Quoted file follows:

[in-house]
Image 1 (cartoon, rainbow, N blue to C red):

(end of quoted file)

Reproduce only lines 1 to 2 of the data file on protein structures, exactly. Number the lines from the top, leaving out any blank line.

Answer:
[in-house]
Image 1 (cartoon, rainbow, N blue to C red):